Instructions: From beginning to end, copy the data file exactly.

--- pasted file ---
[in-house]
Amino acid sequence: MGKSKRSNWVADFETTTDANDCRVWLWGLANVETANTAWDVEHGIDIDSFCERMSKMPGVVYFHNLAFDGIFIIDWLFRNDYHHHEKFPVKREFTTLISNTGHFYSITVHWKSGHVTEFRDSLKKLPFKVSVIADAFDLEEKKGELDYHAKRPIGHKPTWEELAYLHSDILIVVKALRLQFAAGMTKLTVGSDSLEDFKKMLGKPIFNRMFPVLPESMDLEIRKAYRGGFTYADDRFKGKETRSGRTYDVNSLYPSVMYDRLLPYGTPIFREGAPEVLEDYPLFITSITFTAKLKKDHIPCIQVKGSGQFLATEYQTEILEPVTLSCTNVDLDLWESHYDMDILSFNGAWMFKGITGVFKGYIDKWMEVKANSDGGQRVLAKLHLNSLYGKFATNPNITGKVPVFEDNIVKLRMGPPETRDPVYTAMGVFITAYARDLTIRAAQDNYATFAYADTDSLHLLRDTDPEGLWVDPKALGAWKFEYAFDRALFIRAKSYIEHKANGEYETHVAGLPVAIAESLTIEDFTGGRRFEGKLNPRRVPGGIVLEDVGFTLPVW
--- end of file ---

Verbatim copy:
[in-house]
Amino acid sequence: MGKSKRSNWVADFETTTDANDCRVWLWGLANVETANTAWDVEHGIDIDSFCERMSKMPGVVYFHNLAFDGIFIIDWLFRNDYHHHEKFPVKREFTTLISNTGHFYSITVHWKSGHVTEFRDSLKKLPFKVSVIADAFDLEEKKGELDYHAKRPIGHKPTWEELAYLHSDILIVVKALRLQFAAGMTKLTVGSDSLEDFKKMLGKPIFNRMFPVLPESMDLEIRKAYRGGFTYADDRFKGKETRSGRTYDVNSLYPSVMYDRLLPYGTPIFREGAPEVLEDYPLFITSITFTAKLKKDHIPCIQVKGSGQFLATEYQTEILEPVTLSCTNVDLDLWESHYDMDILSFNGAWMFKGITGVFKGYIDKWMEVKANSDGGQRVLAKLHLNSLYGKFATNPNITGKVPVFEDNIVKLRMGPPETRDPVYTAMGVFITAYARDLTIRAAQDNYATFAYADTDSLHLLRDTDPEGLWVDPKALGAWKFEYAFDRALFIRAKSYIEHKANGEYETHVAGLPVAIAESLTIEDFTGGRRFEGKLNPRRVPGGIVLEDVGFTLPVW